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‘Blood Wedding’: García Lorca tragedy opens at Teatro Espressivo

“Blood Wedding” is grim, but it relates classic Iberian themes, such as family, fidelity, and vengeance.

(Courtesy of Teatro Espressivo)

Like its title, “Blood Wedding” is morose: rest assured that everything ends in tragedy. But the 1933 script, written by poet and playwright Federico García Lorca, is also a classic of Spanish literature, covering such Iberian themes as family, fidelity, and vengeance. This month, Teatro Espressivo brings Lorca’s story to life, paying homage to the martyred dramatist.

Set in rural Spain in the first part of the 20th century, “Blood Wedding” concerns a love triangle between an unnamed bride, an unnamed groom, and a seductive interloper named Leonardo Felix. The bride once had a fling with Leonardo, who has since married another woman, and the groom is jealous. More awkward still, the Felix family murdered the groom’s father. If you’re hoping that “Blood Wedding” is a tale of happy reconciliation, think again. Indeed, “Death” is an actual character, represented by an actor onstage.

Teatro Espressivo enjoyed enormous success with its production of Isabel Allende’s “The House of the Spirits,” which was revived in January, and “Blood Wedding” is another revered Spanish-language work. García Lorca was among the most acclaimed writers of his era, and although no one knows his precise fate, most people assume that the dedicated socialist was executed by fascists in 1936.

“When you understand Lorca’s play,” said director José Pablo Umaña, “you should see it as this other kind of passion, which may include sexuality, but it’s more the passion that motivates us to do something, even if there exists an apparent reason not to do it.”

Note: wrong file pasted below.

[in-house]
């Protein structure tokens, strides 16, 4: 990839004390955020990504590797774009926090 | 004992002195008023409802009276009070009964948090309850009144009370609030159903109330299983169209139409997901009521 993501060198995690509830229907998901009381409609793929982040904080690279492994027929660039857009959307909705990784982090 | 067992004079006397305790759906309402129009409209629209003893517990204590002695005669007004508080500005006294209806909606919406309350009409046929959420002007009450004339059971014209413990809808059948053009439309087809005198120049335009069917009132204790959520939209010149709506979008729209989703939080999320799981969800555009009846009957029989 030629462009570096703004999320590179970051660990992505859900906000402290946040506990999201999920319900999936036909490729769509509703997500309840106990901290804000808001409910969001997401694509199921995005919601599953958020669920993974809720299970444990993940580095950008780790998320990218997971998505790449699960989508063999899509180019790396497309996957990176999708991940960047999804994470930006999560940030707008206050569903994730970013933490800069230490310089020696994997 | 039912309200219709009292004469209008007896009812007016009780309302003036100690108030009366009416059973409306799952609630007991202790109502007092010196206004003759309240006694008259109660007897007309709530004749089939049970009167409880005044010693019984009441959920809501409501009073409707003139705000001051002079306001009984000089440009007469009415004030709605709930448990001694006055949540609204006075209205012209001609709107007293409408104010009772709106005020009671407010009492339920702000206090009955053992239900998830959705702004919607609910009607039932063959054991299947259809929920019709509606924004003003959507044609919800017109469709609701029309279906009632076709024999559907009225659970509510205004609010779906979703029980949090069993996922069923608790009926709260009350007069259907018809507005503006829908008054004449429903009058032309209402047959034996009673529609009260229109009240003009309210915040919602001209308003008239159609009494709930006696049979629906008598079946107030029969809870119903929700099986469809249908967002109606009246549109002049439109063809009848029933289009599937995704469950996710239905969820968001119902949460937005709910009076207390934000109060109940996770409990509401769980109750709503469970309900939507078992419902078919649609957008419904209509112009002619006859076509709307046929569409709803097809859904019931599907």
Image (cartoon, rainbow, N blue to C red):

While most of the characters are nameless and the narrative is told in a folkloric way, “Blood Wedding” has a good share of meaty roles and a morally ambiguous ending that should provoke a lot of conversation on the car ride home.

“We can discover Lorca’s position regarding [violence], which men are obliged to use and lead to death,” said actress Maria Bonilla, who plays the groom’s long-suffering mother. “We see that even today – there are wars, and generations of young people continue to die. We see unrequited love, the social demands that have to be punished and condemned. Love always seeks and finds an outlet. In the case of this writer, that way or outlet is death.”

“Bodas de Sangre” performs through March 29 at Teatro Espressivo, Curridabat. Fri. & Sat., 6 p.m. 7,500-10,000 ($15-20). Info: Teatro Espressivo website.

Contact Robert Isenberg at risenberg@ticotimes.net

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